Bianca Lager: Certainly, and I think not all companies are after even the more ... We find that the industries that are really interested in social media screening are not necessarily ones that have the aspirational ... There's that, certainly, that aspirational like, "Hey, we can do better, we can be the best in terms of the positivity in the culture," but also highly regulated ones. People with fiduciary duties, financial, healthcare, education, people who are in charge of our children, these are positions of duty of care towards folks that do have a higher level of trust that are associated with it.
And then of course, there are technology companies and a variety of companies for whatever reason that those equity and positivity is at their core values and that is definitely in alignment here too. But truly also I think it's about upholding that human dignity aspect of it to their clients and to themselves, and just that level of trust. People have to trust us. People have to be able to come to us and know that the guy who's my financial advisor or the nurse who's giving me my vaccine is someone who isn't discriminatory towards me or doesn't want to beat me up. I think there's a variety of things.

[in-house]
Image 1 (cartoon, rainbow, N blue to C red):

Fletcher: Yeah, no, for sure. No, that makes a lot of sense. So I was curious about your guy's overall hiring philosophies. Where in the process do you guys typically recommend using a screening tool like this? And then just in general, what are some tips or tricks in the hiring process that you recommend to make sure that you get the best people?
Bianca Lager: It's such a loaded question, right?
Fletcher: Yeah, I gave you two questions at once.
Bianca Lager: Okay, so in terms of the social media screening, generally we recommend doing it when you are doing your other background screens. Most of the time it's post-offer for folks. So we are very, very big on operational efficiency and automation of workflow, because the entire point of outsourcing your social media screening efforts is so that you don't have to do a ton of work. You're not adding a new headcount or having to do a whole process flow just surrounding this.
Fletcher: And how to figure out how to interpret the information that you're getting, right?
Bianca Lager: Right.
Fletcher: And so that's the beauty of what you guys do is you create some structure around how to interpret that, right?
Bianca Lager: Yeah, we help give some guidance there and there is certainly a level of review just like a criminal background check. You have to decide if that DUI's meaningful to your organization and generally companies have their own criteria for those kinds of things.